2013 was a banner year for organ donations within B.C., surpassing the previous year’s already impressive quantity by over 40 transplants. The 346 transplants within the calendar year saw organ waitlists shrink and patient satisfaction grow—a feat attributable to many factors.
Most notably, transplant centres have recently been granted the capacity to fast track living donor assessments—a gift wrought by technological advance and greater overall public awareness of the options available to organ donors. Also, participation at national level, programs with Federal Canadian Blood Services, enabled medical professionals to connect matching donors with recipients on a national level.
Out of every one million Canadian residents, 28 donated an organ last year. But that only accounts for donors that are still alive, as 14.5 out of every one million deceased citizens also donated a functioning organ. While the latter statistic is on par with the national average, the former exceeds the median among all provinces by a substantial margin.
“The record numbers are great—and we have more work to do,” said Peggy John, communications manager for B.C. Transplant, in an email. “More than 85 per cent of British Columbians support organ donation, but only 19 per cent have registered their decision.”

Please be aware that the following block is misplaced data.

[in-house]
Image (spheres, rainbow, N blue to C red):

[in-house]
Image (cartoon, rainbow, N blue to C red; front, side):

These numbers may appear low to some; after all, huge segments of the population donate blood on a regular basis. Those involved in organ donation question why such a small fraction of the population each year (less than .00003 per cent) is able to donate. One answer speaks to the necessary sophistication of these operations, as doctors have less than 10 hours to preserve a lung, for example, before the organ begins to deteriorate due to a lack of blood containing nutrients and oxygen.
The number of kidney transplants, which was the most common procedure last year, saw a considerable increase from 2012, as over 40 procedures were successfully executed. Following that was the frequency of heart transplants. At 23 operations, the risky procedure boasted a 31 per cent provincial increase in volume from 2012.
The institution responsible for administering the heaviest bulk of these synthetic blessings was Victoria General Hospital’s Transplant Centre. Performing over 199 transplants last year, Victoria General Hospital is one of only three locations registered in the B.C. Transplant Agency. The others—St. Paul’s Transplant Centre and the B.C. Children’s Hospital—performed 140 and 7 operations, respectively.
“Organ donation isn’t something people think about until it touches them in some way,” said John. “Stats show you are more likely to need a transplant in your lifetime than you are to become an organ donor. Register with your Care Card number at transplant.bc.ca—it takes only minutes, and can save a life.”
B.C. transplant success growth is a beacon of hope for the 495 individuals currently occupying the transplant waitlist in B.C. Helping to spur this hope is a B.C. Children’s Hospital plan to initiate a pediatric heart transplant program, as well as many people registered to become organ donors.